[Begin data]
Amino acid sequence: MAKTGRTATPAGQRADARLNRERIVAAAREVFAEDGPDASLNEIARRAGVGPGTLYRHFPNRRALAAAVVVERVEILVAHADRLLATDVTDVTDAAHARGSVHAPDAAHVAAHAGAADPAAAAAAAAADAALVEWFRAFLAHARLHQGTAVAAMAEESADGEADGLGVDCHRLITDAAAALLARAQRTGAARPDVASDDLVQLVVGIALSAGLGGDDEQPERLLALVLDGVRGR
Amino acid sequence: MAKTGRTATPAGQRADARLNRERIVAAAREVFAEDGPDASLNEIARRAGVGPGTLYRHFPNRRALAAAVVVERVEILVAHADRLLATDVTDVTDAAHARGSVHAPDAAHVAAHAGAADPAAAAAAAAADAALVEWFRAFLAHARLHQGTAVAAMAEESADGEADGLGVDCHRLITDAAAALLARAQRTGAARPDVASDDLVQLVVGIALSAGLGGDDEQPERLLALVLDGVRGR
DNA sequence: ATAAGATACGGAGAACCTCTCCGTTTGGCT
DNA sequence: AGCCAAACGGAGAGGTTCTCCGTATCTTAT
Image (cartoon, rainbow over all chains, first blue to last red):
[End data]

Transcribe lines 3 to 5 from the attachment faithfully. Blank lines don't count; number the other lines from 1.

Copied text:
DNA sequence: ATAAGATACGGAGAACCTCTCCGTTTGGCT
DNA sequence: AGCCAAACGGAGAGGTTCTCCGTATCTTAT
Image (cartoon, rainbow over all chains, first blue to last red):